Perishable agricultural commodities received by a commission merchant, dealer, or broker in all transactions, and all inventories of food or other products derived from perishable agricultural commodities, and any receivables or proceeds from the sale of such commodities or products, shall be held by such commission merchant, dealer or broker in trust for the benefit of all unpaid suppliers or sellers of such commodities or agents involved in the transaction, until full payment of the sums owing in connection with such transactions has been received by such unpaid suppliers, sellers or agents.
The question of who may be liable under the statute has been the subject of several decisions. In Morris Okun, Inc. v. Harry Zimmerman, Inc., 814 F. Supp. 346 (S.D.N.Y. 1993), the court determined that the sole shareholder of the corporation licensed to sell produce under PACA was secondarily liable to PACA trust creditors as a corporate fiduciary, because "an individual who is in the position to control the trust assets and who does not preserve them for the beneficiaries has breached a fiduciary duty and is personally liable for that tortious act". Id. at 348. The court based its decision upon two earlier unpublished cases, In re Paul Shipton, 9th Cir. BAP No. CC-90-1366-OVP and In re Nix, 1992 WL 119143 (M.D.Ga. April 10, 1992), in which individual, sole shareholders, were found personally liable for their corporation's PACA liability. In Nix, the court based its finding of liability on the two complementary corporate law principles that individuals are generally not held responsible for the liabilities of a corporation, and that a corporation can act only through its agents and can thus fulfill fiduciary obligations only through its agents. The court therein found that the individual was the person who controlled all the signifIcant business of the PACA licensee.
Also on this issue is the decision in Mid-Valley Produce Corp. v. 4-XXX Produce Corp. 819 F. Supp. 209 (E.D.N.Y. 1993). The court held the president of 4-XXX was personally liable to PACA creditors based on its finding that he knowingly caused the corporation to breach its duty as a trustee. Id., citing West Indian Sea Island Cotton Ass'n v. Threadtex, Inc., 761 F. Supp. 1041, 1054 (S.D.N.Y. 1991) (an officer who causes a corporate trustee to commit a breach of trust which causes a loss to the trust is personally liable to the beneficiaries for that loss). However, the court found insufficient evidence of record to hold the president's wife liable. Although the owner of 100% of the stock of 4-XXX, the court found the wife could not be presumed to have exercised control over the company's affairs.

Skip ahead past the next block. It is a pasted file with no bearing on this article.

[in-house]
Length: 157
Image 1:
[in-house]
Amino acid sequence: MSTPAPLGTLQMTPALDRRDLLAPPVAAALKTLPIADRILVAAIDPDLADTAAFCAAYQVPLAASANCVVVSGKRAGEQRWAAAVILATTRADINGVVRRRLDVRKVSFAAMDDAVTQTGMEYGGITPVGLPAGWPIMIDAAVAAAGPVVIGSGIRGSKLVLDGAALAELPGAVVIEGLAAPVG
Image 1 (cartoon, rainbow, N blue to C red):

The Kalecks would have us read these decisions, especially the dichotomy created by the court in 4-XXX, as requiring active involvement on the part of each individual defendant for PACA liability to attach. The PACA creditors argue, based on Morris Okun that the phrase "a person who is in a position to control trust assets" means one who is "legally responsible" for trust assets. These cases, we find, read as a whole establish the proposition that PACA liability attaches first to the licensed seller of perishable agricultural commodities. If the seller's assets are insufficient to satisfy the liability, others may be found secondarily liable if they had some role in causing the corporate trustee to commit the breach of trust. Accordingly, the Kalecks are not secondarily liable merely because they served as corporate officers or shareholders. As stated in 4-XXX, there may be many small corporations in which an individual may hold corporate office or shares, for entirely legitimate purposes, and not exercise any day-to-day control over the company's affairs. Id. at 213. This, however, is not the end of the inquiry. First, we must consider whether the Kalecks' involvement with KB was sufficient to establish legal responsibility. Second, we must determine whether the Kalecks, in allowing Blumberg to use their corporation without any appreciable oversight, breached a fiduciary duty owed to the PACA creditors.
We find the Kalecks' involvement with KB was sufficient to demonstrate "active involvement" in the operation of the business. Viewing the evidence in the light most favorable to the Kalecks, the documentary evidence shows the Kalecks set up the corporation, owned the stock of the corporation and exercised legal control as officers and directors. The Kalecks were also signatories of KB's commercial banking agreement with Mellon Bank, applied for KB's business tax identification number, paid rent to the Terminal Corporation after Blumberg's operation ceased, and stored some of its produce in KB's stalls. The record demonstrates that the Kalecks were not merely uninvolved "silent" corporate ...